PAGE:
CS 450 - Introduction to Networking

MP 1 - Creating a Proxy Cache

Due: 2/24/2005 at 11:59 pm

Below is the write-up from Kurose and Ross for this assignment. We will follow their assignment with one change: caching of the retrieved objects is required not optional. If an item is in the proxy cache, do NOT check if there is an more recent version of the object on the server than what is cached. Just send the cached item back to the requesting client.

Also, the cache is a to be persistant across shutdowns. This means the data about which objects are cached is to be stored in some file when the proxy cache is not executing. If the file does not exist when the proxy cache begins execution, the cache is assumed to be empty. Otherwise, all web objects that have information stored in the cache from previous executions should result in a cache hit during the current execution.

Programming Assignment 4: Proxy Cache

In this lab you will develop a small web proxy server which is also able to cache web pages. This is a very simple proxy server which only understands simple GET-requests, but is able to handle all kinds of objects, not just HTML pages, but also images.


The code is divided into three classes as follows:

Your work will be to complete the proxy so that it is able to receive requests, forward them, read replies, and return those to the clients. You will need to complete the classes ProxyCache, HttpRequest, and HttpResponse. The places where you need to fill in code are marked with /* Fill in */. Each place may require one or more lines of code.

NOTE: As explained below, the proxy uses DataInputStreams for processing the replies from servers. This is because the replies are a mixture of textual and binary data and the only input streams in Java which allow treating both at the same time are DataInputStreams. To get the code to compile, you must use the -deprecation argument for the compiler as follows:

        javac -deprecation *.java

If you do not use the -deprecation flag, the compiler will refuse to compile your code!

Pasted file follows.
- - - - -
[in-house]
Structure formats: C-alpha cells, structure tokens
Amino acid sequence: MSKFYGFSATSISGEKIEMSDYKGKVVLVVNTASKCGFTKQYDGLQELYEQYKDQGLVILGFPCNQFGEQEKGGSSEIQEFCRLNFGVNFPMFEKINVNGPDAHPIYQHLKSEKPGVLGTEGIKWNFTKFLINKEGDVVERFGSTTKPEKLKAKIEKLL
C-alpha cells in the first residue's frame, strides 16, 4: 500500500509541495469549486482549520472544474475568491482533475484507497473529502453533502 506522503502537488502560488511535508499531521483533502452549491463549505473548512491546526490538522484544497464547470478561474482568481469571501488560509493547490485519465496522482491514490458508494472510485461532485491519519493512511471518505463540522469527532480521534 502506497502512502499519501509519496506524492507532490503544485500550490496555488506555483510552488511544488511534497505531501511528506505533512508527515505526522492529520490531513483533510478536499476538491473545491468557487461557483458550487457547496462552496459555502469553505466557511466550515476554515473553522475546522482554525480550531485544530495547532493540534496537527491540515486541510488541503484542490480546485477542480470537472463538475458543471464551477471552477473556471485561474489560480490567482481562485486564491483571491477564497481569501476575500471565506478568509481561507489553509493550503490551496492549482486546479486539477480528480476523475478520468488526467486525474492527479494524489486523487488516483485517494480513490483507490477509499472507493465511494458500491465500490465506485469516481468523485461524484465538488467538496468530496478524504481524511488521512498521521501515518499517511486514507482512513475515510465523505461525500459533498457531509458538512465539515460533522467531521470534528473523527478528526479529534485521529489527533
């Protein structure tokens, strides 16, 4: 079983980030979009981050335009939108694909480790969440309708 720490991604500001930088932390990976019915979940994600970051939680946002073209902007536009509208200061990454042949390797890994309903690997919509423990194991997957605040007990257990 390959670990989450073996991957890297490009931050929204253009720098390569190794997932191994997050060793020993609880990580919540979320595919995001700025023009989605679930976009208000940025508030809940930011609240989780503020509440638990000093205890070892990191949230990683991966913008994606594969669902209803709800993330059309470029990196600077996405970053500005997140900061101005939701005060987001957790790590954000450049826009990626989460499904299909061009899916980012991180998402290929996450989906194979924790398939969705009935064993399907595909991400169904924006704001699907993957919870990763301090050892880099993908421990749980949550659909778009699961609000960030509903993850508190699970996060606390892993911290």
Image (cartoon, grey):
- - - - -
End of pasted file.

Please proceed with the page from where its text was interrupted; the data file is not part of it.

Running the Proxy

Running the proxy is as follows:

       java ProxyCache port
where port is the port number on which you want the proxy to listen for incoming connections from clients.

Configuring Your Browser

You will also need to configure your web browser to use your proxy. This depends on your browser. In Internet Explorer, you can set the proxy in "Internet Options" in the Connections tab under LAN Settings. In Netscape (and derived browsers, such as Mozilla), you can set the proxy in Edit->Preferences and then select Advanced and Proxies.

In both cases you need to give the address of the proxy and the port number which you gave when you started the proxy. You can run the proxy and browser on the same computer without any problems.

Proxy Functionality

The proxy works as follows.

  1. The proxy listens for requests from clients
  2. When there is a request, the proxy spawns a new thread for handling the request and creates an HttpRequest-object which contains the request.
  3. The new thread sends the request to the server and reads the server's reply into an HttpResponse-object.
  4. The thread sends the response back to the requesting client.

Your task is to complete the code which handles the above process. Most of the error handling in the proxy is very simple and it does not inform the client about errors. When there are errors, the proxy will simply stop processing the request and the client will eventually get a timeout.